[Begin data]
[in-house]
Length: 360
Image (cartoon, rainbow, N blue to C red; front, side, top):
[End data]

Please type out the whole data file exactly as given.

[in-house]
Length: 360
Image (cartoon, rainbow, N blue to C red; front, side, top):